Journaling has changed my life.
Long before journaling was a self-care trend, I was writing my daily happenings in my denim Tweety Bird covered diary that had a key lock attached. This is the first journal I remember keeping when I was in just 4th grade. My writings and journaling practices evolved over time from daily happenings to angsty teenage poetry to love letters, goals, and eventually, prayers. I went through periods of time where I’d write every day or a few times a week, to some dry spells where I didn’t write for a few years. Despite what the Internet or social media might portray about self-care habits like journaling, it never looked the same for me whether it’s what I put on paper or how often I did it.
After nearly 25 years of journaling, I’ve realized that it doesn’t need to look the same in every season of life and the real detriment has been those dry spells, the times I wasn’t putting pen to paper.
While my journal subjects vary over the years, each time I was processing emotions just in a different way. I think back to the few years where I didn’t write much at all and I was an emotional mess. Not that there’s anything wrong with crying, but I cried way too much, I put myself into some sticky situations with relationships, I contemplated self-harm which hadn’t been a thought for nearly a decade prior, I drank far too often. Some of these come with age and experience, but I can attribute much of it to the fact that I was not giving myself the space to be mindful and to process along the way. I was not experiencing whole-being wellness and was substituting positive habits for negative ones.
When I have written regularly, whether I was writing daily happenings, emo poetry in my teens, love letters to my now husband or my goals and prayers for my life and others, I was processing. Writing allows us to process and label emotion by being mindful. According to a study by Cambridge University, “It is likely that the development of a coherent narrative helps to reorganize and structure traumatic memories.” Simply put, it manages emotions, promotes self-awareness, and increases empathy.
Journaling has a multitude of benefits; it enhances critical thinking, boosts the memory and immune system, increases creativity, self-awareness, and positive self-talk, manages stress and anxiety, increases success in reaching goals, tracks symptoms and triggers with the possibility of finding ways to control them, and the list goes on.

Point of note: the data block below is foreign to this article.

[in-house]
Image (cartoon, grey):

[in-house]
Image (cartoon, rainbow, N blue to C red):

As an avid journaler, one of my favorite things to do is to go back and look at my journals. There are certain entries I remember writing. (There we go with one of the benefits: boosts memory!) It fills me with gratitude to see what I’ve accomplished or what has changed. Sometimes they’re sad, but that also reminds me of how far I’ve come. I’m thankful I’ve had a tool in my life for so long that has helped me to process the good and the bad, the daily mundane and the struggle. Journaling truly has changed my life for the better.
How to Start Journaling:
Journaling doesn’t come to everyone as naturally as it did for me, but it’s hard to deny the benefits. If you want to start journaling and need some tips on how to get started, you’ve come to the right place.
- It doesn’t need to look a certain way: Get it out of your head that your journal needs to be deep, that it has to look pretty, or whatever else you think a journal is.
-You don’t need to write in complete sentences or have correct spelling.
Use categories & lists! Bullet journaling is a popular option.
-It doesn’t need to simply be words; draw whatever you are feeling or thinking.
- Timer: Set a timer for 5, 10, 15, 20 minutes. Just write for that amount of time. 5 minutes goes by quickly!
- What to write about: If you’re not sure where to get started, find a method that works for you. Here are some suggestions:
-Gratitude: Write down 5 things you are grateful for each day.
-Affirmations: Create an affirmation and write it several times so you begin the day with positive self-talk.
-Goals: Keep an account of your daily goals whether it be a to-do-list, an exercise or food goal, financial, etc.
According to a study by Dominican University, people are 42% more likely to achieve goals when they are written down!
-Tracking: Track your habits, mental health, food intake, physical activity, symptoms, etc.
-Daily Accounts: Write by stream of consciousness, process interactions or trauma, gather insight from the day.
-Prayers: Put prayers on paper for yourself and others.
-Prompts: Search for different questions or prompts that may get you started. Many journals are already set up this way.
Example: What’s one of your biggest insecurities? What would life look like if you let it go?
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Author: Dana Perich, Wellness Coach & Trainer
- ‘Journaling for Mental Health’ by University of Rochester Medical Center
- ‘5 Powerful Health Benefits of Journaling’ from Intermountain Healthcare
- ‘Emotional and Physical Health Benefits of Expressive Writing’ published by Cambridge University Press
- ‘How Journaling Can Help You in Hard Times’ published by The Greater Good Science Center at University of California, Berkeley